Mr. Sam Hannah

In preparation for my upcoming trip to Tanzania, I had to prepare a sermon. I’ll be preaching at a parish church while I’m there. Preaching is definitely not my gifting; and I’m slightly nervous about the whole thing, but I know with God’s help it will be fine.

My sermon centers around the New Testament reading for that Sunday, which is 1 John 4:7-21 (the famous passage about how loving God and our neighbour goes hand-in-hand), and the issue of children’s spiritual formation. I’ll be traveling to Tanzania to be trained in Rooted in Jesus Junior, and thinking about children’s faith formation made me reflect deeply on my own spiritual formation as a child. I was reminded of the Sunday school teacher I had as a child, and I talk about him in my sermon. Below is the clip, and it is dedicated to my Sunday school teacher, Mr. Sam Hannah, and to all Sunday school teachers for children. I hope you’ll enjoy it.

8-or-9-year old me. Age I would have been in Mr. Hannah's Sunday school class.
8-or-9-year old me. Age I would have been in Mr. Hannah’s Sunday school class.

“I want to tell you a story about myself. When I was a child, my Sunday School teacher was a man named Sam Hannah. Mr. Hannah was an elder in the church and community. He was kind-hearted and was like a grandfather to me and the other children. He prayed with us and listened to us. He would laugh with us, and I remember his lovely laugh. He was such a joyful man. Many times after church, he would buy cool drinks and candy for us kids. Mr. Hannah died several years ago, but I still remember him. I don’t remember a single Sunday school lesson he taught us, but I remember that he loved us, that he loved me. Through Mr. Hannah’s words and deeds, I knew that I was special to God and that God loved me. Through Mr. Hannah’s love, I experienced the love of God; and I have never forgotten that.

When your children grow up, they may not remember a single lesson you taught them about the faith, but they will always remember the way you loved them. Your love for them will be etched on their hearts and minds as a manifestation of God’s love for them. God is love; and if we love God, we love others, says the writer of 1 John. If we love God, we love our friends, enemies, people in our community, strangers, elders, children. 1 John 4:12 says, “No one has ever seen God; but if we love one another, God lives in us and his love is made complete in us.” If we love one another, God’s love is manifested among us.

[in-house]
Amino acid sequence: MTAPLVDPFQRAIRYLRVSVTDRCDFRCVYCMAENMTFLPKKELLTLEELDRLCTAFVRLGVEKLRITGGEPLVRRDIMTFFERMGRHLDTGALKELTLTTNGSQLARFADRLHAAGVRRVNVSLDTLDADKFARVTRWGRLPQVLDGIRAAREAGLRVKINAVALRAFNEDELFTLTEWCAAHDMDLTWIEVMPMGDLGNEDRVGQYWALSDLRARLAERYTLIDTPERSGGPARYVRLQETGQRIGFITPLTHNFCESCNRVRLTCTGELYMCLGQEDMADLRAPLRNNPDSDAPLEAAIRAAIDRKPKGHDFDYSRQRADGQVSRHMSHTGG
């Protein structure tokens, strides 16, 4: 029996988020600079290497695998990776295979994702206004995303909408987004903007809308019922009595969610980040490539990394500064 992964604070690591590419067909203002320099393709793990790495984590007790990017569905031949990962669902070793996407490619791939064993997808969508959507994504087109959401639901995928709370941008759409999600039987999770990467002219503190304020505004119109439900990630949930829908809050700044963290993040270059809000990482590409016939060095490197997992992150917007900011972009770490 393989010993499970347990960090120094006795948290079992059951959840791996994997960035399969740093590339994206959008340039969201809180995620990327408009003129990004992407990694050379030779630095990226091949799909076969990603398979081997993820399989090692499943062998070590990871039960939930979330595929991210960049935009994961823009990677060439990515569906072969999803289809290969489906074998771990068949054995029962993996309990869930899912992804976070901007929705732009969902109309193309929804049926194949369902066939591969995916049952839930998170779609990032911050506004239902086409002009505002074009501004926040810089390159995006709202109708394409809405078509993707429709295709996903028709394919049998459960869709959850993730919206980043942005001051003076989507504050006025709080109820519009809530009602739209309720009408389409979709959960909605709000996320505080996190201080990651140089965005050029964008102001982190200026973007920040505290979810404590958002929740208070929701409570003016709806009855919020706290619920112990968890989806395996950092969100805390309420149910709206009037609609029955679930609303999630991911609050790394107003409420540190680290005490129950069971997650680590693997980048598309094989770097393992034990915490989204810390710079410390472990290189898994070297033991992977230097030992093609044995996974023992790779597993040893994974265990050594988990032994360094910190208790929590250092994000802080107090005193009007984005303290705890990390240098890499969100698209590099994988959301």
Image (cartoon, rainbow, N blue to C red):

In closing, I want to challenge you and me to love God more by loving our neighbour more. I especially want to challenge us to be more intentional about loving our children, teaching and equipping them to have a personal relationship with Christ now. Our children are not just our future; they are our present. As we love and welcome children in the name of Jesus, we welcome our Lord and Saviour Jesus Christ.”

Before I became an adult or a teenager, before I knew where my life was going or what God was calling me to do or whom he was calling me to be, Mr. Sam Hannah was playing a role of ubuntu in my life. I am who am partly because of this wonderful man.

Advertisements

Stretching

Str-e-e-e-t-c--h
Str-e-e-e-t-c–h

“But you moved to Africa to be stretched out of your comfort zone,” my friend said. Yeah, but, I thought, I can take only so much change. I wish God would place me in “time out” for a while.

In a few weeks, I’ll be traveling to Tanzania in order to be trained in Rooted in Jesus Junior. As I read through the training manual, I only get more excited about my trip. I’m thrilled and honored that I will be trained in this powerful and transformative discipleship course for older children and young teens and that I will be bringing back this course to South Africa so that we can introduce the course to Sunday school and confirmation teachers. People in South Africa are already asking for training, so it’s quite exciting.

At the same time, I’m a bit nervous about the trip. I will be totally stretched out of my comfort zone, as I travel in rural Tanzania. In a way, I feel as though I will be hurled out of it. This American city girl is about to get the American city girl knocked out her. I will be traveling with a training team from the UK, and we have to bring our own water and loo rolls (toilet paper). In one of the places, we’ll be using something called a “long drop toilet.” (I think I’ll let this one surprise me.) I had to get several inoculations for the trip, and I’ll have to take malaria medicine and sleep under a mosquito net. I have been invited to preach at one of the parishes; and this, in a way, makes me more nervous than anything. Talking with my friend about my anxiety led to the snippet of conversation with which I opened this blog post.

I have no doubt that my trip to Tanzania is going to change me in some profound ways. I keep hearing about how hospitable the Tanzanian people are, and I know that I will be met with some mind-blowing hospitality. I look forward to visiting Rooted in Jesus Junior groups and to meeting the children. I look forward to being trained in the course and to helping out with the training during the second week. I’m praying for God’s direction as I start planning my sermon.

Yes, I’m being stretched out of my comfort zone. Like physical exercise, it is tiring and at times painful; but it is also exhilarating.